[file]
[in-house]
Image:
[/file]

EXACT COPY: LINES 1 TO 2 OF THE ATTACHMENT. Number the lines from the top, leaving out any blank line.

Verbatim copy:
[in-house]
Image: